Beyond the most obvious things we’ve already mentioned, there’s a million and one things to analyse to get a full understanding and appreciation of what to do. Sometimes that means you’ll need help from an SEO agency – and our team of tech SEO’s and content experts are here to help!

Track performance, but give it time

Once you’ve taken some action and amended pages or produced new content, it’s easy to get a bit obsessed with monitoring performance to look for improvements and incremental signs of recovery. But it’s important to be realistic and when it comes to SEO – most things take time to have an impact on results (sometimes up to 6 months).

By ensuring that you’re following best practice guidelines in every area of your website, from UX design through to technical SEO, content and earning good quality authoritative links – you’re putting yourself in the best possible position to reap the rewards further down the line.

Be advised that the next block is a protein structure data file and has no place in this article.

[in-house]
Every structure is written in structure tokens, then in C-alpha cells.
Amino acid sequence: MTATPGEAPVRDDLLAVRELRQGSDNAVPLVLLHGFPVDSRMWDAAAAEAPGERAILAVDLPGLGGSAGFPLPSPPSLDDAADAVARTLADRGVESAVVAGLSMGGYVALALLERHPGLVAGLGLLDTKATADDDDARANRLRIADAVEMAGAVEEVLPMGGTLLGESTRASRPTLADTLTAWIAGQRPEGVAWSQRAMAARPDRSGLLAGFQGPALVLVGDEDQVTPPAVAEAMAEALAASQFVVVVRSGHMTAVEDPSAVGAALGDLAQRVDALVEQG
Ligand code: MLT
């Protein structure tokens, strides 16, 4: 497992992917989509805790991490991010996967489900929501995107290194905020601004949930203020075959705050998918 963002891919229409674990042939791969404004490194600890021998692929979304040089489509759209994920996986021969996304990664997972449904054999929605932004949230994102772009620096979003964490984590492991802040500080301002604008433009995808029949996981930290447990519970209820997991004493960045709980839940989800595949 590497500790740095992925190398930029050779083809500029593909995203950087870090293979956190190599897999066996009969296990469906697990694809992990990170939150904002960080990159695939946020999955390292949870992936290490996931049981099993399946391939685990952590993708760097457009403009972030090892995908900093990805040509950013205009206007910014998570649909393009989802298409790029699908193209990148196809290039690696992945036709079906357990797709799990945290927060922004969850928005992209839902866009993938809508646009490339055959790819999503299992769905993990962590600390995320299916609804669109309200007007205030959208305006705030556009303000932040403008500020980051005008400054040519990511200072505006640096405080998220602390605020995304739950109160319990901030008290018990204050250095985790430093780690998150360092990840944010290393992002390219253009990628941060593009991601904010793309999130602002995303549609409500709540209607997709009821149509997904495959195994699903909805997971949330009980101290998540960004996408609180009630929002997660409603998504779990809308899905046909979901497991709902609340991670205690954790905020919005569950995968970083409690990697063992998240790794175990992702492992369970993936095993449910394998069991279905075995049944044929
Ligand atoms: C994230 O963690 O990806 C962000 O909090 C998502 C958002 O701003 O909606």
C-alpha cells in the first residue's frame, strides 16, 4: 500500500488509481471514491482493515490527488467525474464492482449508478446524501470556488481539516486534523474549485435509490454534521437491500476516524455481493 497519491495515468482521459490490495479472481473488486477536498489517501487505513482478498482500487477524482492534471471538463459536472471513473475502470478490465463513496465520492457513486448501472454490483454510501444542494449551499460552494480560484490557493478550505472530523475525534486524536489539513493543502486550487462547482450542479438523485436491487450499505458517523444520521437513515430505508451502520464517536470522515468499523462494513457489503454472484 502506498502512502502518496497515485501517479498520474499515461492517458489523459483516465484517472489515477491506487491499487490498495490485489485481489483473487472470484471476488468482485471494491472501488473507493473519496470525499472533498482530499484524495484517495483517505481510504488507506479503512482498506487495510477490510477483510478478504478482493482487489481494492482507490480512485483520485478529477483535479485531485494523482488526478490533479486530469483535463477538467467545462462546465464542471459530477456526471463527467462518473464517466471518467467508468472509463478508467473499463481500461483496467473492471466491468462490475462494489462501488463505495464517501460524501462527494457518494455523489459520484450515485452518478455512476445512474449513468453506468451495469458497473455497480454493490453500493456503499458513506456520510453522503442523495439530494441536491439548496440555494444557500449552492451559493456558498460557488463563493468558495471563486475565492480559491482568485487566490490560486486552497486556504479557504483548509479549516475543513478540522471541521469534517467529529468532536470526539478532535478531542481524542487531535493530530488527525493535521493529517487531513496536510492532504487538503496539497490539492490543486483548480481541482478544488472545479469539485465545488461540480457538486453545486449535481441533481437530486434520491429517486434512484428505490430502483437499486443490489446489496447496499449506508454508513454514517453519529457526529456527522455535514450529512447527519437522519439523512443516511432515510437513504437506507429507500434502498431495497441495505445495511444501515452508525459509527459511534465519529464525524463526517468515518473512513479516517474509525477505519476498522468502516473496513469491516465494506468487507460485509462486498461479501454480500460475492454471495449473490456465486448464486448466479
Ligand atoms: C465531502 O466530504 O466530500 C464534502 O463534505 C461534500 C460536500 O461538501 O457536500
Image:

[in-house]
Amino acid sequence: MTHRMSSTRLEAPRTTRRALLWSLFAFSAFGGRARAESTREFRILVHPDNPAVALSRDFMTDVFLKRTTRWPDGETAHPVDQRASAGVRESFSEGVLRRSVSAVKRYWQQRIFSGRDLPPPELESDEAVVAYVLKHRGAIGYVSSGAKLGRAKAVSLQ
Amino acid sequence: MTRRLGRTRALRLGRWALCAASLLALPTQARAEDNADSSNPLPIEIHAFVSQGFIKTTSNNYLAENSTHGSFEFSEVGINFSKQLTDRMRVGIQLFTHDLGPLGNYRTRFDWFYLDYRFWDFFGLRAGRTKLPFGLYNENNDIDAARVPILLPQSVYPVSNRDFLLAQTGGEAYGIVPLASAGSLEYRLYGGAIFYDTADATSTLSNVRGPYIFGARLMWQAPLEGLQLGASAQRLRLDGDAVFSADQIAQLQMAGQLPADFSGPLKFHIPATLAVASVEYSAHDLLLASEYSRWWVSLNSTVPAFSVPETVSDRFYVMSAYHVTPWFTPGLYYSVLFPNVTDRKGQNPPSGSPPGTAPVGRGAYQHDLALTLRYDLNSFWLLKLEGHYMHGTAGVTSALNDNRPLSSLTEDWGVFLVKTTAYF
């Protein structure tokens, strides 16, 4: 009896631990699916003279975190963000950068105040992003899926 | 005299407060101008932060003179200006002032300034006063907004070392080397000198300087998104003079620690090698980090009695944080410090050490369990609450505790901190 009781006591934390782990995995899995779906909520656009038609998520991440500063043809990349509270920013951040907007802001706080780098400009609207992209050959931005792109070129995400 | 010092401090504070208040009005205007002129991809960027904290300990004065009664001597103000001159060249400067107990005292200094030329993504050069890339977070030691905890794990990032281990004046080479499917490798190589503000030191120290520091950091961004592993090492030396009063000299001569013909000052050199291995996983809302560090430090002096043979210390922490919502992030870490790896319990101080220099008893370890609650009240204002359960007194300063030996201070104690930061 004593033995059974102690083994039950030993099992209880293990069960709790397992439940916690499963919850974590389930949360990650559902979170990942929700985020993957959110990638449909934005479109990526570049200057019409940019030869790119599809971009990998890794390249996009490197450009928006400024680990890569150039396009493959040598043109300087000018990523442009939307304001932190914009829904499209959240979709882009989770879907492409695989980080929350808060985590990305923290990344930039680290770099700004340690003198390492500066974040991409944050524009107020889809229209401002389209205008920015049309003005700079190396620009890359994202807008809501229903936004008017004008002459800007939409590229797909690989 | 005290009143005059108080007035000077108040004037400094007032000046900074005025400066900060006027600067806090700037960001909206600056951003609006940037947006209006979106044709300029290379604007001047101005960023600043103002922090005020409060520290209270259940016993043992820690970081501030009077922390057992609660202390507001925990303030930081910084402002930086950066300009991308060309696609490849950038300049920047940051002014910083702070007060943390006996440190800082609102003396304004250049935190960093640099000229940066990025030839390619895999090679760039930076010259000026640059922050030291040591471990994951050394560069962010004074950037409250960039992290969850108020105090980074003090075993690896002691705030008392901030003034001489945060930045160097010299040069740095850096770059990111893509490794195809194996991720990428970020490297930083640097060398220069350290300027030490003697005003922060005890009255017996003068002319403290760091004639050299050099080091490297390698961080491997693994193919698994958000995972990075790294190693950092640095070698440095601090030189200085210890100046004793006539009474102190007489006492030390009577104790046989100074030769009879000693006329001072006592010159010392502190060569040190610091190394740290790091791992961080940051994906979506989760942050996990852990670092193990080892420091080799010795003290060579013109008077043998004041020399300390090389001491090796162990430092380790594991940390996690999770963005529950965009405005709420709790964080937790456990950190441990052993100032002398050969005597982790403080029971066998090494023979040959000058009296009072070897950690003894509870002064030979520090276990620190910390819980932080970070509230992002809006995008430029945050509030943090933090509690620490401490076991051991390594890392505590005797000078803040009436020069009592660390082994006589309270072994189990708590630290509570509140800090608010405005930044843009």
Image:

If you’d like to know more about the No Brainer approach to SEO, we’d love to discuss how we can help your business with your organic visibility. Get in touch using the form below.

Picture of Laura Rudd

Laura Rudd

I’ve worked in digital and content marketing for over 20 years, specialising in SEO since its inception. My career has spanned both agency-side and in-house roles, working alongside brands like HomeServe, Taking Care, Checkatrade, and AO.com. My expertise centres on SEO and content marketing, where I’m passionate about audience-first strategies that drive long-term organic performance.

Table of Contents

Share this article

Want to chat?

Leave your details and one of our experts will contact you!